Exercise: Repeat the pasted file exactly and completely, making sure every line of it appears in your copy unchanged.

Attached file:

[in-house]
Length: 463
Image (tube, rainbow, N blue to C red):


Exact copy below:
[in-house]
Length: 463
Image (tube, rainbow, N blue to C red):